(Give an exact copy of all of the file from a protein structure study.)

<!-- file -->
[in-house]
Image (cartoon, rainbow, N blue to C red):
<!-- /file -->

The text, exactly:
[in-house]
Image (cartoon, rainbow, N blue to C red):